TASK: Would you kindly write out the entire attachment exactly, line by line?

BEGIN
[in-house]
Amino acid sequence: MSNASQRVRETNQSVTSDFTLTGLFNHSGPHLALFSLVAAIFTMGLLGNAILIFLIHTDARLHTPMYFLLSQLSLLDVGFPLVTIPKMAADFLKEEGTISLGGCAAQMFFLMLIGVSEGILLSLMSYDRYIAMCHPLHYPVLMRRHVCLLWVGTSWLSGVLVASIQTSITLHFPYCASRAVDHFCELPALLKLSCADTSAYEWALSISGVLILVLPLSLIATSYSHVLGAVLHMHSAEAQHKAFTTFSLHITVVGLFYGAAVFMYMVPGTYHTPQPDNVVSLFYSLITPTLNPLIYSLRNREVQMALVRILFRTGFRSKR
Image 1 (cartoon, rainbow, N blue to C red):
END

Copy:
[in-house]
Amino acid sequence: MSNASQRVRETNQSVTSDFTLTGLFNHSGPHLALFSLVAAIFTMGLLGNAILIFLIHTDARLHTPMYFLLSQLSLLDVGFPLVTIPKMAADFLKEEGTISLGGCAAQMFFLMLIGVSEGILLSLMSYDRYIAMCHPLHYPVLMRRHVCLLWVGTSWLSGVLVASIQTSITLHFPYCASRAVDHFCELPALLKLSCADTSAYEWALSISGVLILVLPLSLIATSYSHVLGAVLHMHSAEAQHKAFTTFSLHITVVGLFYGAAVFMYMVPGTYHTPQPDNVVSLFYSLITPTLNPLIYSLRNREVQMALVRILFRTGFRSKR
Image 1 (cartoon, rainbow, N blue to C red):